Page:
December 28, 2018
By Joseph von Benedikt
Designed to simplify practical long-range shooting in field conditions, SIG SAUER’s BDX system uses Bluetooth to pair the company’s rangefinder with a ballistic app on your smartphone and a BDX riflescope. The three work in concert to provide a ballistic solution and an easy holdover point. No turret dialing, no counting reticle hash marks. Just range, aim, and squeeze.
When in use, the rangefinder determines the distance, references wind direction and strength you’ve manually input via the smartphone app, and wirelessly communicates a ballistic solution to the scope. In fractions of a second, an orange holdover dot appears on the crosshair’s vertical stadia and—if applicable—a wind hold dot on the horizontal crosswire.
The choice of orange is important. Unlike red dots, orange dots can be seen by color-blind shooters.
Critically, the rangefinder measures temperature and altitude and plugs their effects into the calculated solution. Also vital: The rangefinder and scope will work together without the phone present. However, without the phone app, the system doesn’t provide suggested wind holds.
To understand what the BDX is really capable of, it’s necessary to be familiar with each piece of the puzzle.
When introduced several years ago, SIG’s KILO2400ABS rangefinder kicked the competition aside and stormed the market. At the time, nothing else was as compact or as capable.
The KILO2400ABS possesses a powerful ranging engine. It measures ballistic-curve-distorting atmospherics in real time, on-site. Angle compensation? Naturally. And it Bluetooth-pairs with SIG’s smartphone app to upload refined ballistic rifle/projectile profiles and uses an embedded version of the renowned Applied Ballistics calculator to compute holdover solutions.
Each KILO2400ABS includes a wind meter compatible with smartphone jacks. Once your phone captures wind speed and heading, the system also provides a wind compensation solution.
However, the KILO1400BDX ($300) and KILO1800BDX ($480) rangefinders compatible with the BDX system do not have that same capability. Not quite. Rather than reading actual, on-site air density, they operate off of simpler altitude and temperature measurements. And unlike today’s really sophisticated ballistic apps, it cannot compensate for projectile spindrift, aerodynamic jump, or Coriolis effect. Wind strength and heading must be entered manually via the smartphone app.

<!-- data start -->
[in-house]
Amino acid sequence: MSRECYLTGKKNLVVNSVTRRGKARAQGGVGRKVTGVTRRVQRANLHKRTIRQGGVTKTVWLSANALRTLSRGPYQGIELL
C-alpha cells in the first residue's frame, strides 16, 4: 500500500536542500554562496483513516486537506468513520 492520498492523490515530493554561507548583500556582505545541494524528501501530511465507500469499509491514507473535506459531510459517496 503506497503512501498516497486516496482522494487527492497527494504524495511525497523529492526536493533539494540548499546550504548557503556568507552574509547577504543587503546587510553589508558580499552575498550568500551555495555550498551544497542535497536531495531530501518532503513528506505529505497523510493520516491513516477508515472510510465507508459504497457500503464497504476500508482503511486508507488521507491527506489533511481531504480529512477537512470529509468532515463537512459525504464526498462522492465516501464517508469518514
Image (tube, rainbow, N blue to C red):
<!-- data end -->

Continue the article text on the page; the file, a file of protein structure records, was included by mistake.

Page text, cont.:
It’s important to understand up front that the BDX is designed to be a practical system for use within practical limits. Maximum effective range is 800 yards. Inside that distance, spindrift and Coriolis effect and the other infinitesimal refinements so critical to first-round impacts at extreme distances don’t have much effect.
What KILO BDX rangefinders do is zap targets quickly and reliably. Lasered ranges are the average of several sophisticated measurements derived via SIG’s Lightwave DSP ranging engine and tend to be extremely accurate. The display uses Lumatic auto-adjusting brightness that compensates for varying light conditions. Shot angle, temperature, and altitude are measured and compensated for. And using onboard Applied Ballistics Ultralight—a simplified but capable ballistic calculator—it computes a holdover solution, and Bluetooth communicates to the BDX scope just where to illuminate that lovely orange holdover dot.
The Smartphone App
SIG’s free BDX smartphone app is primarily used to set up a ballistic profile—meaning the particulars of your rifle, projectile, muzzle velocity, scope height, and so forth—and export it to the KILO BDX rangefinder. After that’s accomplished, it’s primarily helpful for inputting wind speed and direction. If you end up purchasing two or more BDX scopes for various rifles, the smartphone app is also used for switching ballistic profiles and pairing with the appropriate scope while in use.
Because I was already quite familiar with SIG’s KILO2400ABS rangefinder, I knew what to expect from the BDX rangefinder. The scope, however, surprised me with its plethora of innovative features.